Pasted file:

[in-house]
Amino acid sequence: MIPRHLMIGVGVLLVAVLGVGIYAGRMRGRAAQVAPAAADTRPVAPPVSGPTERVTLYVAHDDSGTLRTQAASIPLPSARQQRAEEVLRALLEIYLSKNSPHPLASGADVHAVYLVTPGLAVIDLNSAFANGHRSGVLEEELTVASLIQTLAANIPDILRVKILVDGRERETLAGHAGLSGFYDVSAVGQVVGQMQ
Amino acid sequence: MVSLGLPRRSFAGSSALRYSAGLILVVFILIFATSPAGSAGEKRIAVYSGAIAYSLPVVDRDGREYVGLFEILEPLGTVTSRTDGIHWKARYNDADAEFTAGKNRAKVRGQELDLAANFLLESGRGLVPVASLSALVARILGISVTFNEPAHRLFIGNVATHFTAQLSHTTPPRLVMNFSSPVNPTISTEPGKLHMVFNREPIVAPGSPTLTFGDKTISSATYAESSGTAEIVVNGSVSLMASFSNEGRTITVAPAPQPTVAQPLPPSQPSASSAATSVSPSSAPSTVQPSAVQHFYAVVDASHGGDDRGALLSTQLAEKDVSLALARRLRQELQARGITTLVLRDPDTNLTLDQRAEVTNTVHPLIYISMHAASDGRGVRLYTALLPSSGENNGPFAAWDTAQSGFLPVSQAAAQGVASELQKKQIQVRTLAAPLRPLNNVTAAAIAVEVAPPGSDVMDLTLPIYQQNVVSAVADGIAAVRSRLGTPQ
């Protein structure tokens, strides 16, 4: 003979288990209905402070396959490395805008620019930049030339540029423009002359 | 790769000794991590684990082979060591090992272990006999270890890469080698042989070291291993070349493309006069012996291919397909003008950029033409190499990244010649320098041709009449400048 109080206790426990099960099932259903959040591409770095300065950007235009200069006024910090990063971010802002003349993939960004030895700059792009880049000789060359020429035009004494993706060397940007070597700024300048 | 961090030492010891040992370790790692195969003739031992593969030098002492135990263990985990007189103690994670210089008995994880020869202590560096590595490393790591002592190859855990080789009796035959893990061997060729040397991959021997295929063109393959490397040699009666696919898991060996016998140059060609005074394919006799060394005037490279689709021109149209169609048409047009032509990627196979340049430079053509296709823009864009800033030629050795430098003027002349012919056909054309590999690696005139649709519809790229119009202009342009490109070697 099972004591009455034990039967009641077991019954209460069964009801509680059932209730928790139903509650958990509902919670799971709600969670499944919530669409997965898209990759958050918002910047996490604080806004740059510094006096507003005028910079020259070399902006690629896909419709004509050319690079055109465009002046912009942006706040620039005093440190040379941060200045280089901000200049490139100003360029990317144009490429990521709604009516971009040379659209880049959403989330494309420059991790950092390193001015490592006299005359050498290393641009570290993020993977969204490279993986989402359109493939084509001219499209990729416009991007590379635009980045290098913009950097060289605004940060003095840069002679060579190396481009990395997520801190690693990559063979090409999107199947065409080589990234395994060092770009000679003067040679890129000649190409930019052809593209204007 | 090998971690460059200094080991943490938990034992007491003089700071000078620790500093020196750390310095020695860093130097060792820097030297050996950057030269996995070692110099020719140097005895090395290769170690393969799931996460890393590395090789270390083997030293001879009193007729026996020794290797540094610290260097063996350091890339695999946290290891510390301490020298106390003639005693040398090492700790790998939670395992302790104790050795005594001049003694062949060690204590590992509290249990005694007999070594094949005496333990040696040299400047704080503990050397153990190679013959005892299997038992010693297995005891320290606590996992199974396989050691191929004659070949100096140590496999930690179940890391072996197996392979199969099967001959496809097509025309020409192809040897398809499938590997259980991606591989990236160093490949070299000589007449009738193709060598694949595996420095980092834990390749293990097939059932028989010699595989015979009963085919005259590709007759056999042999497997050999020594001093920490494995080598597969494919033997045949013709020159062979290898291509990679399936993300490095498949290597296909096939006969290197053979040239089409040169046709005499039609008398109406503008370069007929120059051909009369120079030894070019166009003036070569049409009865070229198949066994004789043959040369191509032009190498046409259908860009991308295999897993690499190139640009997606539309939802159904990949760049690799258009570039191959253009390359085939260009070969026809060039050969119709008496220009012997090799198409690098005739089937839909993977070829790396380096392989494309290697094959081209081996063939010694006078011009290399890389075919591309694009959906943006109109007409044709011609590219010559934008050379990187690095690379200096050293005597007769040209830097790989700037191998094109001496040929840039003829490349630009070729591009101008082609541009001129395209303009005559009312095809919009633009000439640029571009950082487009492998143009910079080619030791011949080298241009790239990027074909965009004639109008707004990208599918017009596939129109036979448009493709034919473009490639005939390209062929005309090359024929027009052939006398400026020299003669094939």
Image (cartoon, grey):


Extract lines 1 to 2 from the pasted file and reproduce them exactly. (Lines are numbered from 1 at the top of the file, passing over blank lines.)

[in-house]
Amino acid sequence: MIPRHLMIGVGVLLVAVLGVGIYAGRMRGRAAQVAPAAADTRPVAPPVSGPTERVTLYVAHDDSGTLRTQAASIPLPSARQQRAEEVLRALLEIYLSKNSPHPLASGADVHAVYLVTPGLAVIDLNSAFANGHRSGVLEEELTVASLIQTLAANIPDILRVKILVDGRERETLAGHAGLSGFYDVSAVGQVVGQMQ